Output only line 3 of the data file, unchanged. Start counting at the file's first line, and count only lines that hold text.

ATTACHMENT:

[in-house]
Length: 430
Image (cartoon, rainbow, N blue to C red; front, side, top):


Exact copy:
Image (cartoon, rainbow, N blue to C red; front, side, top):